The above result can be normalized by defining a variable K and noting, that if integration of UAC is positive, K is defined by:
Thus, K and 1−K are coefficients when UACIntegration is linearly expressed by +(|UDC1|+|UDC2|) and +||UDC1|−|UDC2|| or −(|UDC1|+|UDC2|) and −||UDC1|−|UDC2||. If K=1, this means it can be determined with certainty that UACIntegration=+(|UDC1|+|UDC2|) or UACIntegration=−(|UDC1|+|UDC2|), thus corresponding to respective sign changes NP or PN. Similarly, if K=0, it can determined with certainty that UACIntegration=||UDC1|−|UDC2|| or UACIntegration=−||UDC1|−|UDC2||, corresponding to respective sign changes PP or NN. However, if K=½ then UACIntegration=½[|UDC1|+|UDC2|+||UDC1|−|UDC2||] or UACIntegration=−½[|UDC1|+|UDC2|+||UDC1|−|UDC2||]. In such a case, the value of UACIntegration is on one of the two threshold lines 610, 612, and a determination of sign change cannot be made with certainty. Thus, the sign change of UDC between successive steady-states can be determined with greater certainty the further that K is away from 0.5.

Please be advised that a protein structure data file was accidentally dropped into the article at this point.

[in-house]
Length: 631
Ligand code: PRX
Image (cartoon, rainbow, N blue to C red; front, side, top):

Because a sign change can be detected for each steady-state pair, the succeeding sign detection is actually independent of the preceding sign detection. This can prevent forward propagation of sign detection errors from previous steady-state pairs as follows. For the same steady-state, different signs may be predicted from the two steady-state pairs of which it is a part. In that case, a comparison of K values can be made for the two conflicting sign detections. The certainty of the final sign detection decision can be maximized by choosing the sign determination whose value is furthest away from 0.5.